For the last few years, I have been working to implement more Universal Design for Learning (UDL) practices in my teaching. I have noticed an increase in student engagement in my science classes since I have started using interactive notebooks. Eventually I would like to begin using interactive notebooks in other subject areas.
Interactive notebooks can be used to make content and activities more accessible and engaging to students, which are key components of UDL. I use composition notebooks because they are affordable, sturdy, and have a lot of pages. We begin by personalizing the covers of our notebooks, which gives students a sense of ownership over them. I have my students decorate the cover of their notebooks at the beginning of the school year. They are asked to make a collage of pictures (they can bring in photographs, hand drawn pictures, cutouts from books and magazines, and stickers). After they decorate their books, they are really excited to begin using them!
Interactive notebooks can help promote accessibility and engagement in the following ways:
- Templates are provided which help students to record, organize, and store information, and makes it easier for them to remember information and find it later on.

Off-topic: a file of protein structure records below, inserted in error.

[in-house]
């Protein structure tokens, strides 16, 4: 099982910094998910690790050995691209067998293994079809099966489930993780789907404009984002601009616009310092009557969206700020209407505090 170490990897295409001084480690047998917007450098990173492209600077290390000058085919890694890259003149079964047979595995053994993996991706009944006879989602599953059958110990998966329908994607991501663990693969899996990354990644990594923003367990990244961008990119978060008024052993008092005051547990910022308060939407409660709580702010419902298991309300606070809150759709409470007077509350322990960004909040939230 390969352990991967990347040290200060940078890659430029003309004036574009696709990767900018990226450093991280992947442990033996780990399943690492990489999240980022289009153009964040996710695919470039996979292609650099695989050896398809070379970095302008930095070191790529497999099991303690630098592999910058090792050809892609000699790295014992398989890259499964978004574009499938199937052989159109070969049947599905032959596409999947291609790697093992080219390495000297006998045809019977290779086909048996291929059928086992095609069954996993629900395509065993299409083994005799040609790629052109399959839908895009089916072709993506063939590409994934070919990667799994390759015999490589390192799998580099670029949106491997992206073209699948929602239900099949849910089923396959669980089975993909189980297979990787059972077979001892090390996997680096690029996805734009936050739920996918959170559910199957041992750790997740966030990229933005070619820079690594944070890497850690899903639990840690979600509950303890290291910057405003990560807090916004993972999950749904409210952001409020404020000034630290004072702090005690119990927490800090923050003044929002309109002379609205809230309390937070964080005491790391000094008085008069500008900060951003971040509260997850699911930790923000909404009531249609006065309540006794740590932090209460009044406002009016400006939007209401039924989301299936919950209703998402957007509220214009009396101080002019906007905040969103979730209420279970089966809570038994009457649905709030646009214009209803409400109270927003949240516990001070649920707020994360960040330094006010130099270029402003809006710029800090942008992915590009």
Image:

- They contain notes, templates, diagrams, and activities that have interactive features which are engaging and help students retain information. Some examples include flip books, diagrams, graphs, maps, journals, and pockets for cards (for vocabulary, definitions, and/or games)
- Some of the templates and activities involve drawing pictures and colouring, which many students really enjoy. Some students love to flex their artistic muscles and add a creative flair to their work every chance they get.
- The note writing templates use fill-in-the-blanks, which reduces the need to copy a lot of material. This makes it easier for students to get the information, vocabulary, and definitions they need on paper. It also reduces time needed to record information, which allows more time for activities and discussion.
- Since using interactive notebooks, I have offered all students the option of using them for open-book tests. This rewards students for keeping thorough and well-organized notes, and also helps them practice valuable skills such as skimming texts for information.
Here are a few samples of student work. These are from the grade three unit on building skills in science (making detailed observations, measurement, classification, and fair testing).